We ended up in Liverpool one afternoon and walked around the neighborhood before heading off for Lebanese chicken at Albarakeh Charcoal Chicken. It was Sunday, it was raining and not quite time for lunch, so we did some exploring. Walking past one centre on Macquarie Street, we spied a large looking supermarket that beckoned us inside.
Endless rows of spices, shelves of chutneys and stacks of rice sacks fill Udaya Spices in Liverpool, possibly the biggest Indian and Sri Lankan supermarket we've ever been to in Sydney. The freezer section alone had an outstanding range of frozen vegetables, including the strange woody drumstick we tried at Abie's in Pendle Hill. There's also cookware, religious items and some fresh made sweets and samosas.
Wandering the isles, we had a challenge of restraint and tried to not buy everything in sight. A long walk back to our car also meant a small shop, so we found the smallest thing possible - mini papads and tiny dried chick peas.
Yes, tiny little pappadums! Kings Plain Mini Papad, $1.70. The packet states a weight of 200g, but a rough count of the contents will give you about 300 of these 'can't stop sticking them in my mouth' beauties. They are imported, shipped all the way from Chennai. Ingredients include lentil flour, rice flour, vegetable oil, salt and calcium carbonate (a common additive in doughs and bread).
Each little papad is only about 4cm (about 1 and a half inches) wide, smaller than a potato chip or water cracker.
To give you an idea of their miniature state, mini papads compared to large cracked pepper studded uncooked pappadums. They really are a quick little mouthful of crunch.
The cracked pepper pappadums are from our favourite brand we get from the Fiji Market in Newtown. We call them 'Evil Rabbit' or 'Donnie Darko' brand. Don't try feeding pappadums to rabbits please or the giant pink rabbit will haunt your dreams.
We experimented with microwaving vs frying the little papads. You can sometimes get away with microwaving pappadums, but frying by far gives the better flavour. Without the added hit of a bit of vegetable oil, they tasted dull and uncooked, plus the added colour makes them far more tempting. Clockwise from the top: microwaved, fried and uncooked.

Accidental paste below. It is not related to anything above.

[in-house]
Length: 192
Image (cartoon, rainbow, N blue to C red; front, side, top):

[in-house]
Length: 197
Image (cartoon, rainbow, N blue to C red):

Watch out when frying these guys, they took only a few seconds to get really brown and burnt (we found out the hard way). Also, make sure you fry more than you need as you are guaranteed to eat a large amount before they even get to your guests. There is enough in the packet to fry up a lot, you would probably get bored frying before you got to the end.
Although the fried papads were tasty enough on their own, a good bit of pickle adds even more spice. Alison has been trying in vain to find a cashew pickle she tried a few years ago, but was excited to find this garlic pickle ($2.95) and hoped it would be similar to the garlic curry we tried in the Sri Lankan hill country in Ella.It was a close match in flavour, although a whole lot oiler.
The range of pickles at Udaya was outstanding: green tamarind, mango, lime, coriander, mint - all except cashew!
In the garlic pickle the garlic bulbs are cooked whole (turning soft and sweet) and coated in a orangey red sauce of spice, not chilli hot at all. The papads were hardly big enough to carry bulb to mouth, but did a valiant job. You could mix this pickle in with a little bit of plain yoghurt if you didn't want it as strong.
The selection of dried beans and dhal at Udaya was also extensive. More miniature food was found with this kilo of dried chickpeas for $1.75. Tyson chick peas are a smaller, darker version than the usual big and buttery kind. You could use them in a vegetable curry or side dish, they might give a different flavour to hummos and falafel and other chick pea dishes (still to try that out).
They are quite a bit smaller and browner than the standard whiter ones more commonly found tinned or dried.
Cooking dried chick peas is really not so hard. Our tip is to do a big batch at once and freeze what you don't need in 'tin sized' portions. Soak overnight or for at least 12 hours and cook up on a lazy afternoon when you are pottering about the house doing other things. This lot is destined for a vegetable curry, or possibly a spiced carrot and chick pea soup.
Udaya Spices is at 186 Macquarie St Liverpool (the old Spotlight building). Phone: 9601 5859. It's so huge, it goes all the way through to the street at the back. Don't make our mistake - park close by so you can shop without restraint.